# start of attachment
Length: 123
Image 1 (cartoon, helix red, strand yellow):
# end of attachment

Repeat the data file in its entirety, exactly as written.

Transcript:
Length: 123
Image 1 (cartoon, helix red, strand yellow):